A federal appeals court Thursday upheld the suspension of President Donald Trump’s executive order that would temporarily bar entry into the United States for nationals of seven Muslim-majority countries.
The unanimous 3-0 ruling from the panel of the 9th U.S. Circuit Court of Appeals means that citizens from those countries will continue to be able to travel to the U.S. as they were before the president’s executive order.
“The Government has pointed to no evidence that any alien from any of the countries named in the order has perpetrated a terrorist attack in the United States,” the judges wrote in their ruling. “Rather than present evidence to explain the need for the Executive Order, the government has taken the position that we must not review its decision at all.”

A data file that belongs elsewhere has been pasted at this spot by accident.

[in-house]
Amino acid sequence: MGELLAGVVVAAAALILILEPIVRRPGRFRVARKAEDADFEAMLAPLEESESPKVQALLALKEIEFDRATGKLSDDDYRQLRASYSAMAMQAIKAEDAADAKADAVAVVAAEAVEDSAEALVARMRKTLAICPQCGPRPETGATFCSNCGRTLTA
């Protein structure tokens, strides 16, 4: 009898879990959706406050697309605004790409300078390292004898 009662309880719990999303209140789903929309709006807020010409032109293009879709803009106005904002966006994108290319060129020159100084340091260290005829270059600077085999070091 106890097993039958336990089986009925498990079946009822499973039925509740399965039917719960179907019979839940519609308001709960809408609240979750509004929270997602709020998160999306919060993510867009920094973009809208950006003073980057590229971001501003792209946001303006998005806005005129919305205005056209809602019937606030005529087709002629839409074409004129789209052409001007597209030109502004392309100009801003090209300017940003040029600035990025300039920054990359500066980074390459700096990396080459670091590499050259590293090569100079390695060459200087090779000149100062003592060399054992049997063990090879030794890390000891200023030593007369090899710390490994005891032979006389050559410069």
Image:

The ruling also touched on Trump’s claims that the executive order was a matter of national security. “Federal courts routinely review the constitutionality of — and even invalidate — actions taken by the executive to promote national security, and have done so even in times of conflict,” the judges wrote.
The panel also dismissed arguments from the Justice Department that presidential decisions on immigration policy as it relates to national security are un-reviewable.
“There is no precedent to support this claimed unreviewability, which runs contrary to the fundamental structure of our constitutional democracy,” the judges wrote.
Trump issued a defiant tweet minutes after the ruling, saying “SEE YOU IN COURT, THE SECURITY OF OUR NATION IS AT STAKE!”
According to CNN, Trump told reporters: “It’s a political decision, we’re going to see them in court, and I look forward to doing that.”
Trump continued: “It’s a decision that we’ll win, in my opinion, very easily.”
The ruling comes after federal Judge James Robart in Seattle issued a restraining order blocking the travel ban nationwide. The administration then appealed, which led the case to the 9th Circuit of Appeals.
The Justice Department is now in the process of reviewing the decision, and Trump has indicated throughout that he would take the case to the Supreme Court if necessary.